“I want it to be true.”

“That doesn’t make it true.”

I thought about Andre the Giant placing his hand in Fezzik’s finger mold. I had felt such joy thinking that the sweet man had found a cohort from the past whose hands were bigger than his. It was all gone.

“I still want it to be true. I’m going to buy this book.”

“Ok, I’ll be right over.”

If you haven’t read the two new introductions to The Princess Bride, you must read them. If you don’t own the book, buy it now. If you do own the book, go buy the 30th Anniversary Edition anyway. The mark of a brilliant writer is the ability to transport the reader into another reality. I was taken to a world where revenge really was sweet. I was taken to a world where the hero really saved the damsel. I was taken to a world where all of it and more was true and documented. There was a museum that displayed the sword and the life-sucking machine. Maybe it seemed so real because there were blood-sucking lawyers in that world.

The final nail in the coffin of the fantasy came to me Sunday night. I was still clinging to the desperate hope that maybe it was all real. I was going to write this entry leaving that question open to debate, but Mike insisted that I try to find Florin on the map. He insisted that I try to find Florin on the Internet. A Google search led me to several Florin sites in Russian. For a shimmering moment, I actually believed again.

“See, here’s a Florin in Russian. I told you it was part of Russia.”

“Go to the website.”

When I went there, I found that it was a Russian IT company. I tried The Morgenstern Museum and found one in Germany, but a translation of the website proved that it was merely about shipbuilding. The final nail came when I searched using the phrase, “Buttercup’s Baby.” Toward the end of the first page was a frequently asked questions site on Stephen King’s website. The question at hand was, “In the Princess Bride it says you’re going to write the abridgement for Buttercup’s Baby. Is that true?”

In simple and plain words, my final illusion fell from me. Stephen King wrote, “No, it’s not true. That’s a little joke from Bill Goldman who’s an old friend. I admired his books before I ever met him and as a kind of return tip of the cap, he put me in that book The Princess Bride. But actually I think that that particular baby, Buttercup’s Baby, is Bill Goldman’s and if there’s ever going to be a story about Buttercup, Bill will have to write it.”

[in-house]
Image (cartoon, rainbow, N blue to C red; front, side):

We are both men of action. Lies do not become us.  – William Goldman, The Princess Bride, 1973

So, there is the truth. For approximately 37 hours, I held the hope that it was all true in my heart. I’m buying Buttercup’s Baby as soon as it comes out. Get cracking, Bill. Don’t you dare kill Fezzik. We’ve already lost Andre. I can’t bear to lose another giant.



  1. We could have lived the same moment in time. The Princess Bride is my all-time favorite movie. I, too, bought the book years ago after seeing the movie and devoured it. Last night, while combing through bins at Barnes & Noble, I stumbled on the 30th edition of Goldman’s book. i sat on a bench and read the first few pages. I told my husbeand: “I know I have this already, but I am buying this book.” I was stunned and excited to learn of the museum and the city of Florin. I also did a Google search to have my travel plans squelched. That is how I came to your site. upon further investigating the web, I also found out there is no S. Morgenstern (it’s a pseudonym), “Willy” has no son and it’s all part of the fiction of the story. It’s still the best movie ever made.

    Nice to know, I wasn’t alone in the moment! Ciao- Donna Brown

    Comment by Donna Brown — 8/22/2004 @ 5:43 pm

  2. And here I am doing my Google search at 2am trying to convince myself that it’s all just a work of fiction … ;-)

    Comment by ryan — 10/15/2004 @ 2:51 am

  3. Oh… you’ve broken my heart. I decided to pick up the book again just the other day from the library. But instead of the same book that I had read in my Modern Lit class in high school, (some time before the movie) it was the 30th anniversary edition. I have spent all day reading or thinking about, the two “new to me” introductions and devoring Buttercup’s Baby, first chapter. I have to pick my mother up at the airport soon, but it was nagging at me so I decided to spend my last few minutes before I left, in internet research instead of a mad cleaning frnezy (as usual). I came upon your web page instantly. Hmmm… I really am sad to see that it is not true. I wanted it to be true in some aspect so badly. I knew there would have been embellishments on the story…R.O.U.S.’s? Can’t be real. Now I have to go tell my husband that I am a sucker. I just got done telling him all about how it is real. I’m never going to live this one down!

    Comment by Shiloh — 10/29/2004 @ 8:13 pm

  4. hey pick me! do you have a map of the princess bride?

    warm regards michelle marriott mickichic12@hotmail.com

    Comment by michelle — 4/13/2005 @ 2:55 am